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Music Streaming Service Spotify Faces $5 Million Fine For Data Law Breach

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Music Streaming Service Spotify Faces $5 Million Fine For Data Law Breach

(CTN News) – On Tuesday, Spotify was ordered by the Swedish authorities to pay 58 million kronor ($5.4 million) to cover the costs of not informing its customers about how their data was being used by the music streaming giant. However, Spotify is considering challenging the decision.

In a recent statement, the Swedish Authority for Privacy Protection (IMY) said it had carried out a review of how Spotify had handled the rights of its customers to access their personal data.

” In response to the deficiencies identified, IMY has decided to fine the company with 58 million kronor due to the deficiencies,” the authority said in a statement.

A regulator pointed out that under the rules of the European data protection act GDPR, users have a right to know what data a company holds about them as well as how that data has been used by that company.

“While Spotify did hand out the data it had when requested by an individual, the firm had not been able to provide sufficient information as to how that data was being used,” IMY pointed out in an interview.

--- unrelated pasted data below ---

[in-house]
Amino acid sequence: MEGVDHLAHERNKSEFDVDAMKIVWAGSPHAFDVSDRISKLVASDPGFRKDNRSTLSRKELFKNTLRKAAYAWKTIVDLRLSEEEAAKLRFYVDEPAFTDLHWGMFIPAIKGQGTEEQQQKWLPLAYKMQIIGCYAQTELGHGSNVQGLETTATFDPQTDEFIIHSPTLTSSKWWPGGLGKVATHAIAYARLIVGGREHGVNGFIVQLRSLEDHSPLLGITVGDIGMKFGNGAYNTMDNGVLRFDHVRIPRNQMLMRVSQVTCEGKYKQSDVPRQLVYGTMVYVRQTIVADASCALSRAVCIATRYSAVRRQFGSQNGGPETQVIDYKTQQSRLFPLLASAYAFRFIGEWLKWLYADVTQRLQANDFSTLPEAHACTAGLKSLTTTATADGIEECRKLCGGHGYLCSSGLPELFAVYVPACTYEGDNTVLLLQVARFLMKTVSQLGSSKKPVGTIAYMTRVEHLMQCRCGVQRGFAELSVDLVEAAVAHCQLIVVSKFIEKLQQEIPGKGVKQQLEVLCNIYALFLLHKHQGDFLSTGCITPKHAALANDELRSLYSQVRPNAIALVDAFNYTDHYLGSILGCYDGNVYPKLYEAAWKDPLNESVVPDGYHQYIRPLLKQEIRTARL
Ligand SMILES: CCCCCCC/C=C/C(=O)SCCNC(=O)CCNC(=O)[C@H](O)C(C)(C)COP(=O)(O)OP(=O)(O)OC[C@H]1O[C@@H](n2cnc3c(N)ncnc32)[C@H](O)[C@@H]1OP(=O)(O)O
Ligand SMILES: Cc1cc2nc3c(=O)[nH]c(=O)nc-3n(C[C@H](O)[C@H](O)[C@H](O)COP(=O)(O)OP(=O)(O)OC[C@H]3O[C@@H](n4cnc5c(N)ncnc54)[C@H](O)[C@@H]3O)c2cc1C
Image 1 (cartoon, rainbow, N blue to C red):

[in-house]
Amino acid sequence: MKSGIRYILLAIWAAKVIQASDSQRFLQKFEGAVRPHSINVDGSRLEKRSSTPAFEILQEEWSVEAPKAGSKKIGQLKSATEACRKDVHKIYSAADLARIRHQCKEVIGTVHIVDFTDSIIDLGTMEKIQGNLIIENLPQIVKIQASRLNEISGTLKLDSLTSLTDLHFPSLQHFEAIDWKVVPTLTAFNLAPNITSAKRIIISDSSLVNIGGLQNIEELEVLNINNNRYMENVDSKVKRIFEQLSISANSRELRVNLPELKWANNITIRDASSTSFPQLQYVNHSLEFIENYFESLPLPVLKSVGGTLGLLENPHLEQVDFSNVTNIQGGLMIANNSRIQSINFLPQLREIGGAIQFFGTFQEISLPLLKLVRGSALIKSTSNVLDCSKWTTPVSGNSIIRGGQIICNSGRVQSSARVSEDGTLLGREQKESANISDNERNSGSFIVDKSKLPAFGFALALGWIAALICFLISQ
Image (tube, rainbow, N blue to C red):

IMY pointed out that because Spotify’s information has been unclear, it has been difficult for individuals to understand how their personal data is processed and to check whether the processing of their personal data is allowed under current laws,” they added.

Furthermore, it went on to say that “the shortcomings discovered are considered, in general, to be of low severity,” which rationalized the size of Spotify’s fine based on the vast number of users and revenue it generates.

In April, the company announced that it had crossed 500 million monthly active users with 210 million paying subscribers, making it the largest music service in the world. It is listed on the New York stock exchange.

AFP received an emailed statement from Spotify, in which it rejected the findings, stating that it “offers all customers comprehensive information about how their personal data will be utilized.”.

“IMY found only minor improvements needed in the areas where they believe our processes need to be improved. However, Spotify disagrees with the decision and plans to appeal it,” Spotify said in a statement.

According to a separate statement from privacy activist group Noyb, the fine was imposed following a complaint and subsequent litigation filed by the group, and while the group welcomed the decision, it lamented that the authorities had been late in making their decision.

A privacy lawyer said in a statement that the case took more than four years to resolve, and that we required recourse to the IMY in order to get a decision. The Swedish authorities need to speed up the process,” he said.

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